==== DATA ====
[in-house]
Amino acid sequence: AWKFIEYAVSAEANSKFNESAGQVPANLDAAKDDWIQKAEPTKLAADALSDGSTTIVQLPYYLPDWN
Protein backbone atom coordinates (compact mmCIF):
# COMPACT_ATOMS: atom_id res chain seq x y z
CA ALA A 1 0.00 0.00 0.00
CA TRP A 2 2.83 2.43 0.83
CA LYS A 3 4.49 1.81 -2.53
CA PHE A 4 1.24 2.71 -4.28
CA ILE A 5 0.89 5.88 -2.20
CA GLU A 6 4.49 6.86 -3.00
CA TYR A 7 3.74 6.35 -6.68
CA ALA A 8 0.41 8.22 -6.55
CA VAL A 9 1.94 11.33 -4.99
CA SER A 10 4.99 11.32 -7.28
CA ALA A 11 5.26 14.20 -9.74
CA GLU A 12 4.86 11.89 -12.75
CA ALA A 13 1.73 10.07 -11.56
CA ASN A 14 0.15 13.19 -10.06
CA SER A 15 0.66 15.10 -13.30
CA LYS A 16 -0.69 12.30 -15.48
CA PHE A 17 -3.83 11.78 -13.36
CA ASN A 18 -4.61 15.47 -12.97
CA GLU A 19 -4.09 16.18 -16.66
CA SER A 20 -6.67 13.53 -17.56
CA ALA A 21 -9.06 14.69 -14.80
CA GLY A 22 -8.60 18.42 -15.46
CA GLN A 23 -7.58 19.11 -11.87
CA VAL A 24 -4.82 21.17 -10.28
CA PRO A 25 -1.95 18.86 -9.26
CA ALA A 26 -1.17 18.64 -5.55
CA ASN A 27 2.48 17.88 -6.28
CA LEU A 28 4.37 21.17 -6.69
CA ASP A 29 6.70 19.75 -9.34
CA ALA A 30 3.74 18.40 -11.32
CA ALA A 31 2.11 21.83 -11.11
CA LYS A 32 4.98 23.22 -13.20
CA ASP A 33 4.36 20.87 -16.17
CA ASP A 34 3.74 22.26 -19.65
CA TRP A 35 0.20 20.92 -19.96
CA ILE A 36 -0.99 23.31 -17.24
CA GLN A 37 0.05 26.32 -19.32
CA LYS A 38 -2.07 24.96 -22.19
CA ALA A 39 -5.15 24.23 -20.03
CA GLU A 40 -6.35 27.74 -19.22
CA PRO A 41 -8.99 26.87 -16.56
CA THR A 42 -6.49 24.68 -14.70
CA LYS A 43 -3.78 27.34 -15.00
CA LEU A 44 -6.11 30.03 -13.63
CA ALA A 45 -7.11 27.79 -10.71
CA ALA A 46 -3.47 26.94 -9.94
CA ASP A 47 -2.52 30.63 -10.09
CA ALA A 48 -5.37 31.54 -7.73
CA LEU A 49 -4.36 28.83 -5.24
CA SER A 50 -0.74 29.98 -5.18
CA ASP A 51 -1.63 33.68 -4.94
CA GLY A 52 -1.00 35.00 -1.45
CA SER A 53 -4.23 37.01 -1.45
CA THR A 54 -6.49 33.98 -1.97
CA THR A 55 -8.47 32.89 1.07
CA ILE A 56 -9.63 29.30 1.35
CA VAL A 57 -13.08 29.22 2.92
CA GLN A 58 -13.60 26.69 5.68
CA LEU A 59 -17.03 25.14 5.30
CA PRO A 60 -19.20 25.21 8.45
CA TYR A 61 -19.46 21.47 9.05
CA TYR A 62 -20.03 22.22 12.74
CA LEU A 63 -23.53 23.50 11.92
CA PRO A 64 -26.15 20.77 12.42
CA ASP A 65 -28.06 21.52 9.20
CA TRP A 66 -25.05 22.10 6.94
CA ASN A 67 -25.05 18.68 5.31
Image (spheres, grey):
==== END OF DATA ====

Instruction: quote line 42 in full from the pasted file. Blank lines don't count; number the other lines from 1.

CA LYS A 38 -2.07 24.96 -22.19